As beef takes beating from environmentalists, data suggest cows can actually fight climate change
Pastured livestock may contribute to "carbon sink" effect on grasslands.
Criticism of the beef industry this past week was thrust to the forefront of the U.S. political stage when the cooking brand Epicurious announced that it would no longer publish new beef-based recipes as part of "an effort to encourage more sustainable cooking."
Long a target of environmentalists due to its purported negative effects on the global environment, cattle farming has lately been pilloried by eco-activists for its alleged hastening of warming across the planet due to the high levels of greenhouse gasses that the industry produces every year.
Yet a relatively small but growing body of research suggests that certain types of cattle farming— namely, those in which cows are raised on pastures for their whole lives as opposed to in feedlots — may actually have a carbon-negative effect on the environment by helping to sequester greenhouse grasses under well-managed grasslands.
The vast majority of beef produced in the U.S. is sourced in feedlots in which cattle are fed primarily corn and grains, a diet which hastens their fattening and prepares them for slaughter much earlier than traditional methods.
Environmentalists have criticized those systems as ecologically ruinous due to their heavy carbon footprints, citing in part their dependence on chemically fertilized cattle feed and the copious amounts of methane that cows emit in the form of burps and flatulence.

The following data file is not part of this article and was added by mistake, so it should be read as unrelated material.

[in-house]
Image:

The Washington Post, meanwhile, claimed recently that "science says beef should be on the chopping block" due to beef's "significant role in greenhouse gas emissions." And the Atlantic deemed beef the "main, mooing offender" driving livestock greenhouse gas emissions, with writer Annie Lowrey declaring that "trading your rib eyes and cheesesteaks for lentils and tofu is one of the best things you can do as a consumer for the environment."
Pastured livestock has different environmental profile
Yet other activists have pointed to a much smaller segment of the beef market as a possible answer to the conundrum of beef's carbon footprint: Pasture-raised beef, in which cattle are raised on grasslands from birth to slaughter.
Grass-fed beef still commands a very small fraction of the overall beef market. One 2017 estimate put it at just 4% of total U.S. beef sales. The relative scarcity of pastured beef, as well as its considerably heftier price tag, has kept it from gaining much of a foothold in the mammoth American meat economy, which in 2019 saw $111 billion in beef production.
Still, growing interest in pastured beef — spurred on by an explosive growth in farmers markets around the country over the past decade — has led to a steady rise in the product's visibility, with major corporations and even fast food chains such as Arby's seeking to capitalize on the niche market.
Alongside that growth has come a still-small but steady series of investigations looking into the environmental outcomes of pastured cattle operations. In many cases scientists have found that grass-fed beef farms can actually have a net-carbon-negative effect on environmental emissions.